While spirits – thanks in part to their diversity from white to dark – remain the most popular alcoholic beverage enjoyed by consumers in 2009-2010, the beer market is anything but flat. What might be surprising is that craft beers, with their emphasis on small, independent brewers dedicated to traditional/full flavor brews are driving market growth.

According to Mintel research published in Beer: The Consumer—U.S., December 2010, 33% of all beer drinkers aged 21 and up are drinking less imported beer because they’re drinking more domestic craft beer instead. It’s true that only a modest 13% of beer drinkers say they prefer domestic craft or microbrew beer (compared to 43% for domestic and 22% for imported), but about six in 10 respondents indicate they’d like to try them, and more than half would try more craft beers if they knew more about them.

Thanks to an upsurge in social media, and the trend toward local and sustainable products, craft beer’s popularity has grown substantially in the past five years. Mintel research indicates it’s the most popular with 25-34 year-olds, a market ripe for targeted marketing efforts. Efforts that educate the beer-drinking consumer as to heritage, ingredients, flavor, and a sense of inclusion in the craft beer community will be what consumers tap into for years to come.
Garima Goel-lal, Senior Consumer Analyst – Mintel / Oxygen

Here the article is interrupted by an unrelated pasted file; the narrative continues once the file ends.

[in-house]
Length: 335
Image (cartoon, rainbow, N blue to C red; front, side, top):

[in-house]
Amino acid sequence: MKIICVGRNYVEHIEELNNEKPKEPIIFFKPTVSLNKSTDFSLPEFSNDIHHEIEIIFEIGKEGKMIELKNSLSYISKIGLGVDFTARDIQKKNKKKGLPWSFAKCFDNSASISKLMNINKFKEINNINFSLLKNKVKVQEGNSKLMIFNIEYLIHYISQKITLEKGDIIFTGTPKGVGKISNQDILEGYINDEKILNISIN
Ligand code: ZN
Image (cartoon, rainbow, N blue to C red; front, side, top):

What does this mean for business?

A Social Tipping Point
It’s no surprise that beer has always been a social-based product. As such, social craft beers will always have a story to tell… a story that beer enthusiasts actually care to hear about and experience.

Craft brewers that offer the right mix of social media will connect their distinct target with their love of discovery, early adoption and sharing behaviors. These brewers will reap the rewards of increased audience, while inspiring viral demand.
Macro-Brewers – Beware of the ‘Local’
Here lies the cautionary tail of today’s micro-consumer. For beer enthusiasts, there is more to a craft beer than flavor, it’s the authentic brand attitude that beckons. Consumers feel a close connection to these craft brewers because they are authentic, loyal to their customers, have pride in brewing and are locally-owned.

So what does that mean for the MillerCoors and Anheuser-Busch InBevs of the world? They need to adapt their lifestyle-branding message. They need to share more personal, intimate and interesting stories about who their brands and employees are. If they ditch the global corporate identities of their brands while localizing their brand images and voices, they’ll have a shot at lowering their market-share erosion.

 

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